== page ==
Etymology
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windward (adj.)
"on the side toward which the wind blows," 1540s, from wind (n.1) + -ward.
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aloof (adv.)
1530s, "to windward," from a- (1) "on" + Middle English loof "windward direction," probably from Dutch loef (Middle Dutch lof) "the weather side of a ship" (see luff (n.)). Originally in nautical orders to keep the ship's head to the wind, thus to stay clear of a lee-shore or some other quarter; hence "at a distance but within view" (1530s) and, figuratively, "apart, withdrawn, without community spirit" (with verbs stand, keep, etc.). As an adjective from c. 1600. Related: Aloofly; aloofness.
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luff (n.)
also loof, in sailing, c. 1200, "contrivance for altering a ship's course," also "part of a ship's bow where the sides begin to curve," from Old French lof "spar," or some other nautical device, "point of sail," also "windward side," of uncertain origin and sense development, probably ultimately from Germanic (compare Middle Dutch lof "windward side of a ship" (Dutch loef), which might also be the direct source of the English word).

This is from Proto-Germanic *lofo (source also of Old Norse lofi, Gothic lofa "palm of the hand," Danish lab, Swedish labb "paw"), from PIE *lep- (2) "to be flat" (see glove (n.)). As a verb, "bring the head of a sailing-ship nearer the wind," from late 14c., from the noun.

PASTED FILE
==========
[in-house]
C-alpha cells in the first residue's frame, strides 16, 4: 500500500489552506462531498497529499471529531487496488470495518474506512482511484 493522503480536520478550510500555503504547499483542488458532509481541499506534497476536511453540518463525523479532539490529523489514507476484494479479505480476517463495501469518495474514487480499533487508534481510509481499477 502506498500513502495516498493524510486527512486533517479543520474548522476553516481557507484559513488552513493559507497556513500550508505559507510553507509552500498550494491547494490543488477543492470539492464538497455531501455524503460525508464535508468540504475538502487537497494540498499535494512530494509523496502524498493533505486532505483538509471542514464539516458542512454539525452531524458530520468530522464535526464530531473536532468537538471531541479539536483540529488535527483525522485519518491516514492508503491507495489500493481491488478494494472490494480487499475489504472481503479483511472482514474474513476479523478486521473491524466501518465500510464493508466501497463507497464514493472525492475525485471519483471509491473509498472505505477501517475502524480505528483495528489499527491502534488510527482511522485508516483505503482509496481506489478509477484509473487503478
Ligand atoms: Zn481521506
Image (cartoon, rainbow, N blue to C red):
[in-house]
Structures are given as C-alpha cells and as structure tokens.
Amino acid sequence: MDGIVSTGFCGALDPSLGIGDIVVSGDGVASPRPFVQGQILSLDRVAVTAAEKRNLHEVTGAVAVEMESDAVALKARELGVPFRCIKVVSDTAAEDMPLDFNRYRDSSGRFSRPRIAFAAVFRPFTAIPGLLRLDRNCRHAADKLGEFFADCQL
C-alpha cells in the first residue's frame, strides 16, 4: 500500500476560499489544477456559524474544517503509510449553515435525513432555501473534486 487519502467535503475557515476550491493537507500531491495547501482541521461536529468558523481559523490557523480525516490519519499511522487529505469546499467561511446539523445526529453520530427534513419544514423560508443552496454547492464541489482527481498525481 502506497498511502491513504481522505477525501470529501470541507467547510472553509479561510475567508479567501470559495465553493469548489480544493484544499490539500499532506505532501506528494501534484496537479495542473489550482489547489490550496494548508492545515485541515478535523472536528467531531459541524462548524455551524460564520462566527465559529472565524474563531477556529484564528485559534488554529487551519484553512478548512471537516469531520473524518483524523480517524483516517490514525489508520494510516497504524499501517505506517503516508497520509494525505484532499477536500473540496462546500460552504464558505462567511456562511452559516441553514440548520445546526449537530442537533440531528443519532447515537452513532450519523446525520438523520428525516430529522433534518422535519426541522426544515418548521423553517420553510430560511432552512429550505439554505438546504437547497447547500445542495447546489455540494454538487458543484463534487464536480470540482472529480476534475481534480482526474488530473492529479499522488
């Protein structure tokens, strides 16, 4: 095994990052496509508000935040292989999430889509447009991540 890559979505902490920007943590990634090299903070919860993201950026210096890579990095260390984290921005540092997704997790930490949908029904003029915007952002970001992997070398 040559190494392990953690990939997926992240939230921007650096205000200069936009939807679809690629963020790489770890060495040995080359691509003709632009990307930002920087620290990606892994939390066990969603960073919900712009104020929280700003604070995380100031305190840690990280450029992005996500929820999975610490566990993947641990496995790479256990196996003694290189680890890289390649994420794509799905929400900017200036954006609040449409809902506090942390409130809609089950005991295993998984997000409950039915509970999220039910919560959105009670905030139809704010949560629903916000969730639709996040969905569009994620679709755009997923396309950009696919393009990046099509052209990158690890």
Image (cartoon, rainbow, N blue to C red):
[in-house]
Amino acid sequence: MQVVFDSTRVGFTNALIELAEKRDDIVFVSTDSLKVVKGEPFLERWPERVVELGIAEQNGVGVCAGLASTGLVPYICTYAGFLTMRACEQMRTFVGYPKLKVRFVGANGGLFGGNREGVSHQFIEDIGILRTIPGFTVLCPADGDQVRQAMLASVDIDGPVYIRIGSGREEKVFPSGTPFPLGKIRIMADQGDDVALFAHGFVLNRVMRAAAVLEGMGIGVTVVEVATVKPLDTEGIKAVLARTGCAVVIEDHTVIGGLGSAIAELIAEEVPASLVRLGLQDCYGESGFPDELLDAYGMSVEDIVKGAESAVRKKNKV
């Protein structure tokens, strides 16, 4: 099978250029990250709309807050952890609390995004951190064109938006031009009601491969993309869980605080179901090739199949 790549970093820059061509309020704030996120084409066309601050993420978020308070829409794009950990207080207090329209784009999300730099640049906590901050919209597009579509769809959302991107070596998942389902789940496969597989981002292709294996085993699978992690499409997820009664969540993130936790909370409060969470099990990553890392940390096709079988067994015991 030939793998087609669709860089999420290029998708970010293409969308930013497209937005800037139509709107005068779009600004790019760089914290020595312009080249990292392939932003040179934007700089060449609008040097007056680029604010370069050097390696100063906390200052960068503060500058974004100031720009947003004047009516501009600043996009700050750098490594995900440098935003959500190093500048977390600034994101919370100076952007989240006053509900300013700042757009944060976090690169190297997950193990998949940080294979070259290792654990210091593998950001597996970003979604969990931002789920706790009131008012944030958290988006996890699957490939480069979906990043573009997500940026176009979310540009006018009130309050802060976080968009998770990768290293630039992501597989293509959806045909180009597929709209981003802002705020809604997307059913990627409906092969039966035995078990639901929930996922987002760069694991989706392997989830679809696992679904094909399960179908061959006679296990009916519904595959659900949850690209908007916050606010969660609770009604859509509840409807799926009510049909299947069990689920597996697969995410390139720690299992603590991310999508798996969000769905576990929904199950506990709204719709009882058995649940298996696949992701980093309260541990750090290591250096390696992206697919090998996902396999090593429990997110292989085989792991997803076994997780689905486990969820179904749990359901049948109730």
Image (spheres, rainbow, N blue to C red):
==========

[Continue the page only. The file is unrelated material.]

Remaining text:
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busk (v.)
c. 1300, "to prepare, to dress oneself," also "to go, set out," probably from Old Norse buask "to prepare oneself," reflexive of bua "to prepare" (see bound (adj.2)) + contraction of Old Norse reflexive pronoun sik. Most common in northern Middle English and surviving chiefly in Scottish and northern English dialect. Related boun had the same senses in northern and Scottish Middle English. Related: Busked; busking.

The nautical term is attested from 1660s (in a general sense of "to tack, to beat to windward"), apparently from obsolete French busquer "to shift, filch, prowl," which is related to Italian buscare "to filch, prowl," Spanish buscar (from Old Spanish boscar), perhaps originally from bosco "wood" (see bush (n.)), with a hunting notion of "beating a wood" to flush game. For the "perform in public" sense, see busker.
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leg (n.)

late 13c., from a Scandinavian source, probably Old Norse leggr "a leg, bone of the arm or leg," from Proto-Germanic *lagjaz (cognates Danish læg, Swedish läg "the calf of the leg"), a word with no certain ulterior connections. Perhaps from a PIE root meaning "to bend" [Buck]. For Old Norse senses, compare Bein, the German word for "leg," in Old High German "bone, leg" (see bone (n.)). Replaced Old English shank (n.), itself also perhaps from a root meaning "crooked."

Distinguished from an arm, leg, or fin in being used for support. Of triangle sides from 1650s (translating Greek skelos, literally "leg"). Extended to furniture supports from 1670s. Meaning "part of pants which cover the leg" is from 1570s. By 1870s as an adjective it had a salacious suggestion of artistic displays focused on the female form, such as leg-piece in theater jargon, leg-business as slang for "ballet."

The meaning "a part or stage of a journey or race" (1920) is from earlier sailing sense of "a run made by a ship on a single tack when beating to windward" (1867), which was usually qualified as long leg, short leg, etc. Slang phrase shake a leg is attested from 1869 as "dance," 1880 as "hurry up." To be on (one's) last legs "at the end of one's life" is from 1590s, the notion is of something that serves one for support and keeps one moving. To take leg bail was old slang for "run away" (1774). Legs "ability to be an enduring success, staying power" is from 1970s show business slang.

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